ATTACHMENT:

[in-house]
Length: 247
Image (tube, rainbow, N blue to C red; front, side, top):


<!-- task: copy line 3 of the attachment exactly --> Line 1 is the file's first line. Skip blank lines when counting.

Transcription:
Image (tube, rainbow, N blue to C red; front, side, top):